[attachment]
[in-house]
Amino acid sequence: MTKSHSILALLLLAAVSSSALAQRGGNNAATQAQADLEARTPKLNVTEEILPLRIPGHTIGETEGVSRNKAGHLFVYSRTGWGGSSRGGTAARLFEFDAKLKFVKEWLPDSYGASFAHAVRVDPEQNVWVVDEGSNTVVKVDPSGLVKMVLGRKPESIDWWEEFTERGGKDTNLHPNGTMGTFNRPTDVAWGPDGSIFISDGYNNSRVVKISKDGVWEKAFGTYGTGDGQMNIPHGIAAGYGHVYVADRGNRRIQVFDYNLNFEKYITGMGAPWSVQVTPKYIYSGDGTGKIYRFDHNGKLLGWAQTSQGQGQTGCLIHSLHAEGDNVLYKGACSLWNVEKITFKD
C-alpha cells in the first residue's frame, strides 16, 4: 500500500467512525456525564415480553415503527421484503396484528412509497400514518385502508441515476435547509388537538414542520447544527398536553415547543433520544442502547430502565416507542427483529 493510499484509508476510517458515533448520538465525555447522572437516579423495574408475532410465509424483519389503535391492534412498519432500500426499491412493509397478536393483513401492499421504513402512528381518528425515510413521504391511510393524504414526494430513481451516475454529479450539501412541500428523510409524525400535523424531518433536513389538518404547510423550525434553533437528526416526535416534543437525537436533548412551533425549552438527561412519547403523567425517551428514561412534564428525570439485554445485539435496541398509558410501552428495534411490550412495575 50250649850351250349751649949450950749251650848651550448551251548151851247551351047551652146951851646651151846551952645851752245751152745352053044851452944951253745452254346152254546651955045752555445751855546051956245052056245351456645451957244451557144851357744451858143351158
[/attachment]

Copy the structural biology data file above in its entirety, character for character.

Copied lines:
[in-house]
Amino acid sequence: MTKSHSILALLLLAAVSSSALAQRGGNNAATQAQADLEARTPKLNVTEEILPLRIPGHTIGETEGVSRNKAGHLFVYSRTGWGGSSRGGTAARLFEFDAKLKFVKEWLPDSYGASFAHAVRVDPEQNVWVVDEGSNTVVKVDPSGLVKMVLGRKPESIDWWEEFTERGGKDTNLHPNGTMGTFNRPTDVAWGPDGSIFISDGYNNSRVVKISKDGVWEKAFGTYGTGDGQMNIPHGIAAGYGHVYVADRGNRRIQVFDYNLNFEKYITGMGAPWSVQVTPKYIYSGDGTGKIYRFDHNGKLLGWAQTSQGQGQTGCLIHSLHAEGDNVLYKGACSLWNVEKITFKD
C-alpha cells in the first residue's frame, strides 16, 4: 500500500467512525456525564415480553415503527421484503396484528412509497400514518385502508441515476435547509388537538414542520447544527398536553415547543433520544442502547430502565416507542427483529 493510499484509508476510517458515533448520538465525555447522572437516579423495574408475532410465509424483519389503535391492534412498519432500500426499491412493509397478536393483513401492499421504513402512528381518528425515510413521504391511510393524504414526494430513481451516475454529479450539501412541500428523510409524525400535523424531518433536513389538518404547510423550525434553533437528526416526535416534543437525537436533548412551533425549552438527561412519547403523567425517551428514561412534564428525570439485554445485539435496541398509558410501552428495534411490550412495575 50250649850351250349751649949450950749251650848651550448551251548151851247551351047551652146951851646651151846551952645851752245751152745352053044851452944951253745452254346152254546651955045752555445751855546051956245052056245351456645451957244451557144851357744451858143351158